This post is part of a blog tour organised by Random Things Blog Tours. I received a free copy of the book in return for an honest review.
“Every painting tells a story, but what if the women on the canvas could talk…
“Vienna, at the beginning of the 20th century, is an exhilarating social whirl, a city of ideas, of music, of ground-breaking art, led by Gustav Klimt until the arrival of his scandalous protegee, Egon Schiele. Into this world come four women, each with their own story to tell:
“ADELE: passionate, fierce, obstinate. The daughter of a bourgeois family, she rails against the strictures of her class and harbours her own wild fantasies.
“GERTRUDE: spirited, single-minded, possessive. The sister to budding artist Egon Schiele, she longs for an exciting life away from their tempestuous family home.
“VALLY: determined, independent, proud. A model for celebrated artist Gustav Klimt, she has carved her way out of poverty and is now forging a brave new path for herself.
“EDITH: quiet, conventional, loyal. Or is she? Younger sister to Adele, Edith is overlooked and wonders if there is another version of the woman she might become.
“Four flames, four wild, blazing hearts, longing to be known. In an elegant bohemian city like Vienna, everything seems possible - until an act of betrayal changes everything. For just as a flame has the power to mesmerise, it can also destroy everything in its path.”
I love The Flames, by Sophie Haydock, so much it’s hard to put it into words or know where to begin! But I’ll do my best. This totally absorbing novel tells the stories of four very different women with one thing in common: they all modelled for controversial artist Egon Schiele.
There’s so much more to them than that, though, and Haydock brings each to vivid life as she creates her own rich pictures of their inner lives, desires, disappointments, and struggles with the expectations of them as young women in the early twentieth century.
Gertrude forms a close bond with her brother Egon during their traumatic shared childhood, and she is his first model. She thought they would stick together forever, so she’s bitter when he builds a separate life of his own, and she acts disdainfully towards the other women in his life.
Vally, an artists’ model from a poor family, makes herself indispensable to Egon, but ultimately to no avail; her lack of social standing renders her unsuitable as a marriage prospect.
Adele wants Egon from the moment she sees him moving in across the street from her well-heeled family’s home, and reacts extremely badly when he asks her sister, Edith, to marry him instead.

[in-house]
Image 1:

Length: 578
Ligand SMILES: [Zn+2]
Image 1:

Edith wants to get out of Adele’s shadow and have something of her own and, once she’s married, she yearns for a baby and for her husband to give up painting nudes.
We first meet Adele in 1968, 50 years after the main events of the book. She’s a spiky, sad figure, and a huge contrast to the rebellious young woman we get to know in 1912. It’s clear something terrible has thrown her life off-track - but we don’t find out what until the very end of the book, and the tragedy of it all just ripped my heart out.
We see two Viennas in the main story of The Flames. The version Adele and Edith inhabit in 1912 is pure escapism; they live in a luxury apartment, enjoy the opera from a box, and dress in their finery for fancy balls. Just a few short years later, though, the First World War has reversed the family’s economic fortunes, and the city is laid low by shortages and a flu pandemic. By taking us back to Gertrude and Egon’s upbringing in Tulln, and following the characters on trips, the author also treats us to rich, evocative descriptions of other parts of Austria.
There are a few compelling themes running throughout the book. The obvious one is the limitations on, and expectations of women due to their sex, class, and the social mores of the day. The tyranny of contemporary notions of impropriety is another, as Egon faces opprobrium for his choice of subject matter, and Adele is not allowed to express her all-consuming desire for him. Attitudes towards people with mental health issues at this time also come out in the experiences of Adele and the syphilitic father of Egon and Gertrude, and siblinghood is also a theme as Egon and Gertrude, and Adele and Edith, experience changes in their relationships.
I also appreciated a theme The Flames has in common with other books I’ve enjoyed, such as Whitney Scharer’s The Age of Light, Polly Samson’s A Theatre for Dreamers, and Brigitte Benkemoun’s Finding Dora Maar: the appalling way some famous male ‘maverick’ artists treated their partners and muses, and the erasure of these women’s own characters and talents.
The Flames is rich, captivating, and ultimately heartbreaking.